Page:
Organisation has partnered with the BRA to revise entirety of its nine-part guidance intended to support best practice when managing refrigeration, heat pumps and air conditioning systems
The Institute of Refrigeration (IOR) has partnered with the British Refrigeration Association (BRA) to revise the second part of its Guide to Good Commercial Refrigeration Practice with a focus on safety and environmental considerations.
Revisions that have been announced to the guide, the second part of which looks at system design and components, ties in to a wider nine-part focus on good practice for organisations working with refrigeration, heat pumps and air conditioning systems.
According to the IOR and BRA, the updated guide on system design and component selection, as outlined in part two, considers the complexities of addressing both environmental and safety considerations when planning the introduction of new cooling approaches.
A joint statement on the guide said, “It comprises chapters on compressors, chilled and frozen cabinets, condensers, refrigerant pipework, design considerations, plant room design and more. In this edition, the chapter on evaporators has been extensively revised and references have been updated throughout.”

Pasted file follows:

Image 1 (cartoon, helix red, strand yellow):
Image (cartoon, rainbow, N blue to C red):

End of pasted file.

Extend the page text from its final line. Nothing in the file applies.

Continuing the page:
The second edition of the guidance on system design and component selection is expected to be followed with similar updates to the other eight remaining parts of the series over the next twelve months.
This will cover a range of topics focusing more specifically on changing safety and environmental considerations for different forms of cooling appliances, to system installation and commissioning.
Other specific focuses of the guidance will focus on system maintenance and service, as well as a publication looking at the decommissioning and waste disposal process.
The eighth part of the series looks at refrigerant and retrofitting, with a final focus published in association with ACRIB focusing on the themes of competence, training and skills.
Members of both organisations are able to access the update free of charge, while the publication can be purchased separately by non-members.